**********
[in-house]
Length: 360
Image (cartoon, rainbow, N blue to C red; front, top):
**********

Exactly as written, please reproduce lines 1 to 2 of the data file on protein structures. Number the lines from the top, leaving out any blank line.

[in-house]
Length: 360